School History: The Kirby / Groveton School (1876-1925)

Fairfax County Public Schools was founded in 1870 with the passage of the Virginia Public Free Schools Act and the new Virginia constitution. During the early years of the school system, most children attended school in one-room schoolhouses where a single teacher taught children in grades one through seven. Administratively, the county was divided into six magisterial districts. Each district had its own School Board comprised of three trustees. The Groveton community was located in the Mount Vernon District and, unfortunately, very few records from this district’s school trustees have survived.

Photograph of an old financial ledger. The paper has faded to a light brown. The margins are printed in red ink and the handwritten notes are written in black ink. The center of the ledger has severe water damage and the paper here is stained dark brown. The ledger contains financial records of disbursements of funds from the Mount Vernon District School Trustees to various parties for goods and services.
One of the few surviving records is this school fund ledger from 1889. Courtesy of the Fairfax County Circuit Court – Historic Records Center.

In January 1876, the Fairfax County Circuit Court appointed commissioners to survey a tract of land belonging to John Collard on the Old Mount Vernon Road (present day Route 1). The School Trustees of Mount Vernon District—Eben E. Mason, Richard L. Nevitt, and Frank F. Triplett—wanted to acquire a portion of the Collard property by eminent domain for a school site.

Photograph of a hand-drawn plat made by the surveyor of the schoolhouse lot. The survey shows the Old Mount Vernon Road and the road to Risley’s farm. A large arrow points north. The school lot has been outlined in purple, at the corner of the intersection of the two roads, with corresponding points on the lot corners labeled A, B, C, and D. The total area of the lot is recorded as one acre, one rood, and three and three quarter poles.
The plat for the Groveton School lot was recorded as part of the condemnation proceedings. Courtesy of the Fairfax County Circuit Court – Historic Records Center.

In March 1876, the Circuit Court ordered the property condemned and directed the trustees to pay $75 in compensation to the property owner. A short time later, a one-room schoolhouse was constructed on the site.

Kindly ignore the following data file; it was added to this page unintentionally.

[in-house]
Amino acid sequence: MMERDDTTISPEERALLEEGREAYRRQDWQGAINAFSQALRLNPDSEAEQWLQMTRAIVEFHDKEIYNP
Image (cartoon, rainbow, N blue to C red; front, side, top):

Detail of a map showing the location of the first schoolhouse. The schoolhouse location has been circled in red. The map shows the names of many people living in the vicinity and the location of their homes, some of which have been given names such as Mount Hybla, Clifton, Huntley, and City View. Old roads that will later become South Kings Highway, Route 1, and Fort Hunt Road are pictured.
Detail of the Mount Vernon District from the Atlas of fifteen miles around Washington by Griffith Morgan Hopkins published in 1879. Courtesy of the Library of Congress. The location of the first public school at Groveton is circled in red.

The Kirby School

The one-room school was generally referred to as the Kirby School in reference to James Owen Kerby, a son-in-law of John Collard. On most records the school’s name was spelled Kirby with an “i,” but there are a few instances where it was spelled with an “e.” James Kerby’s name was incorrectly printed as “Y. Owen Kerby” on the above map. Beginning in 1880, the Groveton Mission held Sunday school bible studies in the schoolhouse. The Woodlawn Farmers Club is known to have met there at least once in 1885. Currently, the only known teacher of the school is H. V. Collingsworth, who taught there during the 1886-87 school year. On March 14, 1888, the Alexandria Gazette newspaper reported:

Kirby's school house, in Fairfax County, about four miles below this city, was totally destroyed by fire during the high wind yesterday [Tuesday], with all its contents. The flames caught from the stove, a fire in which had been kindled and left burning by some of the children, who had returned to their homes after waiting for some time for the teacher, who was prevented by the weather from being present. It is said that the building was in ashes within fifteen minutes from the time the fire caught.

A new one-room schoolhouse was erected a short time later on the site of the burned building. By the early-1890s, the name Kirby had fallen into disuse and the school permanently became known as the Groveton School. Annie Harvey is known to have taught at the Groveton School from 1893-95, and Lillian Utterback was the teacher during the 1895-96 school year. On December 14, 1894, the Alexandria Gazette reported: "Miss Annie Harvey, teacher of Groveton School, Fairfax County, while closing a blind yesterday, accidentally let the window fall on one of her hands and two of her fingers were broken."